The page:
“The data was very weak across the board. It’s hard to find any good news in there. It looks like a general slowdown, though you don’t know how much of this is weather related,” said Paul Zemsky, head of asset allocation at ING Investment Management in New York. “Combine that with the fact emerging market currencies continue to sell off, and things don’t look too good for the market now,” he said. “Somewhere between now and 1,700 (on the S&P) there’s a big buying opportunity, but people need to see some stability in emerging currencies.”
Factory orders in the US suffered their steepest fall for 33 years in January and also slowed further in China, raising fresh concerns about the strength of the world’s two biggest economies. The shock figures set off a renewed flight to safety in New York, where yields on US 10-year Treasuries fell to a three-month low of 2.60pc. The Dow Jones index tumbled 326 points, breaking through crucial technical support levels.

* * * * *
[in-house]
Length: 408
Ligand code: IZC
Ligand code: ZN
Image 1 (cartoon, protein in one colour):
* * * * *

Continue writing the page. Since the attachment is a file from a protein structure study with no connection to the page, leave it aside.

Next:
The Japanese yen rallied as funds unwound “carry trade” positions in Asia to reduce risk. Emerging market currencies slumped to a five-year low. America’s ISM index of supply managers dropped from 56.5 to 51.3 in January, the biggest one-month decline since the Lehman crisis.
There was a sharp slide in orders for machines and white goods in December even before the cold snap. Stephen Roach, from Yale University, said the robust growth in the US over recent months had been “bloated by an unsustainable surge of restocking”. The underlying rate of growth is closer to 1.6pc, if final sales to consumers and businesses are used as a guide.